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Published online by Cambridge University Press: 04 July 2014
I am greatly honored that these four distinguished moral and legal theorists, who have all made substantial and important contributions to our understanding of the problems with which I am concerned in my book, have been willing to engage themselves so constructively with my arguments. The published book will be significantly better, or less bad, as a result of my having had to address their challenges. I find myself in substantial agreement with much of what each commentator has to say and concede that on some points they have proven me wrong. But I am obstinate by nature, and perhaps a little obtuse, and thus am prepared to resist some of their suggestions, however sensible they may seem.
Professor of Philosophy, Rutgers University.
3 Fletcher writes that “McMahan also appeals to the analogy between cases of self-defense between individuals and self-defense as a rationale for killing in international armed conflict.” Fletcher, supra note 2, at 694. As I noted in the Précis: The Morality and Law of War, 40 Isr. L. Rev. 670–683 (2007)CrossRefGoogle Scholar, I reject this analogical mode of reasoning about war. Even though for economy of expression I often write as if we can intelligibly make the same moral judgments about states that we make about individuals, my considered view is that such statements are always reducible without remainder to claims about individual responsibility, liability, wrongdoing, and so on.
4 Fletcher, supra note 2, at 700.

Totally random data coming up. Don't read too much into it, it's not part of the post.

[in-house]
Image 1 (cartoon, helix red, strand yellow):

6 I discuss these problems at slightly greater length in Aggression and Punishment, in War: Philosophical Perspectives (May, Larry ed., forthcoming 2007)Google Scholar.
8 See McMahan, Jeff, The Sources and Status of Just War Principles, 6 J. Military Ethics 91 (2007)CrossRefGoogle Scholar; and McMahan, Jeff, The Morality of War and the “Law of War,” in Just and Unjust Warriors: The Legal and Moral Status of Soldiers (Rodin, David & Shue, Henry eds., forthcoming 2008)Google Scholar.
10 Shany, supra note 7, at 706.
17 I omit here any discussion of whether the relevant goods and evils are to be understood objectively or as expected utilities.
18 Segev, supra note 15, at 720.
21 Zohar, supra note 19, at 736.
23 It is important to note that Zohar's proposal is concerned not just with proportionality but also with the requirement of minimal force. Suppose there is an act of war that would cause a proportionate number of civilian deaths, but that there is an alternative act that would be equally effective militarily, cause fewer deaths among noncombatants, but be somewhat riskier for the combatants who would do it. Provided that these additional risks would not be unreasonably high, Zohar's proposal implies that the combatants ought to choose the second act. But this is not demanded by proportionality, since the act that would cause more civilian deaths would also be within the limits of proportionality.
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